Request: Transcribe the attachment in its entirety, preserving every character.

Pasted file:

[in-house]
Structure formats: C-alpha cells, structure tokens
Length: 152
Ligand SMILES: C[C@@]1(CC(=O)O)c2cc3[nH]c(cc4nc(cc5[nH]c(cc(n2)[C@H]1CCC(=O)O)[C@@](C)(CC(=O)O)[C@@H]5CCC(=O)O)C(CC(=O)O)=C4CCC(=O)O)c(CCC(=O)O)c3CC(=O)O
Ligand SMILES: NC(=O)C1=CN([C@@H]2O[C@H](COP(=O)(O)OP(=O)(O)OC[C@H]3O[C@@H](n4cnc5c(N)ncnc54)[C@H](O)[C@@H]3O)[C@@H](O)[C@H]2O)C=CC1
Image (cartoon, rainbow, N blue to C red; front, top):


[in-house]
Structure formats: C-alpha cells, structure tokens
Length: 152
Ligand SMILES: C[C@@]1(CC(=O)O)c2cc3[nH]c(cc4nc(cc5[nH]c(cc(n2)[C@H]1CCC(=O)O)[C@@](C)(CC(=O)O)[C@@H]5CCC(=O)O)C(CC(=O)O)=C4CCC(=O)O)c(CCC(=O)O)c3CC(=O)O
Ligand SMILES: NC(=O)C1=CN([C@@H]2O[C@H](COP(=O)(O)OP(=O)(O)OC[C@H]3O[C@@H](n4cnc5c(N)ncnc54)[C@H](O)[C@@H]3O)[C@@H](O)[C@H]2O)C=CC1
Image (cartoon, rainbow, N blue to C red; front, top):